20 Dec 2007 |
Discussion led by Jim Demmel, University of California at Berkeley.
Computational Mathematics: Role, Impact, Challenges
20 Dec 2007 | | Contributor(s):: Juan C. Meza
Hierarchical Temporal Memory: How a New Theory of Neocortex May Lead to Truly Intelligent Machines
12 Dec 2007 | | Contributor(s):: Jeff Hawkins
Coaxing computers to perorm basic acts of perception and robotics, let alone high-level thought, has been difficult. No existing computer can recognize pictures, understand language, or navigate through a cluttered room with anywhere near a child's facility. Following nature's example, Jeff...
HPCW Introduction to Parallel Programming with MPI
05 Dec 2007 | | Contributor(s):: David Seaman
Single-session courseillustrating message-passing techniques. The examples include point-to-pointand collective communication using blocking and nonblocking transmission. Oneapplication illustrates the manager/worker model with buffered communications.Code examples provided in C, C++, Fortran...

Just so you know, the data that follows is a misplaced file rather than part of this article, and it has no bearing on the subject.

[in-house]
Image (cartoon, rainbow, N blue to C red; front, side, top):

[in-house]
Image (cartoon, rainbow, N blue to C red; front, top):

Computing the Horribleness of Soft Condensed Matter
19 Oct 2007 | | Contributor(s):: Eric Jakobsson
A great triumph of computer simulations 40 years ago was to make the liquid state of matter understandable in terms of physical interactions between individual molecules. Prior to the first simulations of liquid argon and liquid water in the 1960's, there was no quantitatively rigorous molecular...
ThrEshold Logic Synthesizer (TELS) and Majority Logic Synthezier (MALS)
09 Oct 2007 | | Contributor(s):: Pallav Gupta
TELS and MALS are threshold and majority/minority logic synthesis tools that were developed by Rui Zhang and Pallav Gupta under the supervision of Prof. Niraj K. Jha of Princeton University. Dr. Lin Zhong, of Rice University, was also a contributor.Both of these tools have been integrated into...
HPCW Parallel Programming Models
09 Oct 2007 | | Contributor(s):: Sam Midkiff
MCW07 Simple Models for Molecular Transport Junctions
13 Sep 2007 | | Contributor(s):: , Abraham Nitzan, Mark Ratner
We review our recent research on role of interactions in molecular transport junctions. We consider simple models within nonequilibrium Green function approach (NEGF) in steady-state regime.